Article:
In addition to the foregoing, we are enabled to give by the following letter from Sir Denis Le Marchant, a fuller statement of Mr Thomson's efforts to enlarge the sphere of usefulness of the Board of Trade upon the authority of one who assisted him in these valuable labours with a zeal for the public interests emulous of his own.

“ Harley Street, 4th May, 1843. “ My dear Sir,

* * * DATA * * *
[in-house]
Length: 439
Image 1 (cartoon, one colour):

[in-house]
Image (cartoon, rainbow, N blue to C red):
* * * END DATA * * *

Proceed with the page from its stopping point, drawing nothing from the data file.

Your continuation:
“ I have read your memoir with the deepest interest: you have done no more than justice to Lord Sydenham's memory. It would require all the bitterness of political hostility to deny that he was entitled to all the credit you claim for him; nay, he was entitled to more, for you have but slightly touched one point on which the country is under the greatest obligation to him, viz. his attention to the private business of the House of Commons. He was, I believe, the first minister who awakened the house to a sense of their responsibility in this branch of legislation. He saw that the conflict of private interests was not a sufficient security for the public ; his experience in trade alone having shewn him instances where private bills had been made the means of largely and most unjustifiably enriching individuals at the expense of the country. Accordingly he subjected all such bills that related to trade, or that bore in